Jay Leno talks David Letterman, Conan O’Brien, Jimmy Fallon, and TV future

Check it out -Considering that Jay Leno does not do a whole lot of interviews, his recent chat with The Hollywood Reporter is made all the more interesting. In one of the most candid interviews that we have seen to date, he opens up extensively on almost everyone in the late-night comedy world, and also what he perceives his future in it to be.

Let’s start with that first and foremost, as Jay makes it very clear that he has no plans to ever host “The Tonight Show” again. He will not come back in the same way that he did back when Conan O’Brien was let go from the gig. He hasn’t ruled out a TV show in some capacity, but is going to take his time thinking about it and has not made up his mind what he wants to do. Instead, he is going to take off and immediately start performing some more standup gigs across the country.

As for his colleagues, Leno has great respect for Jimmy Fallon, but isn’t so keen per se on some of Jimmy Kimmel’s comedy stylings. He specifically took issue with the fact that Kimmel using “f*** you, Jay Leno” is premise enough for a joke; instead, he says that he prefers comedy such as David Letterman’s, where he creates a larger premise out of some of the jokes that are at his expensive.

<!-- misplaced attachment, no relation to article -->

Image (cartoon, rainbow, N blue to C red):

Leno goes in-depth in the interview about just what sort of relationship that he now has with Dave, a good two decades after the first bit of controversy took place with “The Tonight Show”:

“Dave and I have an interesting relationship in that when he came to town I think he admired my ability to perform and I admired his ability to weave sentences and phrases. When he would get up at the Comedy Store, he was not a natural stand-up, so he was a little nervous. I think he’d watch me and I would just sort of plow ahead and be loud. He sort of admired that, and I admired his ability to be subtle. So I learned from Dave the subtleties of doing a joke, and I think he learned from me how to really sell a joke. So there was always a mutual admiration, and we always made each other laugh.”

For the record, Leno also said that he has not spoken to Conan since the previous NBC fiasco, and he has no reason to pick a phone and call the man.

We’ll say this in the end about Jay: He’s an interesting guy to listen to based on the stories that he has to tell, and he does have to be commended for keeping “The Tonight Show” #1 for decades. Whether or not you like his comedy doesn’t really matter.

We’re going to have much more in the way of conversation about Leno coming up, as we start to slowly near his exit from the show next week. For now, we recommend signing up for our CarterMatt Newsletter if you want some more updates from us.

Photo: NBC

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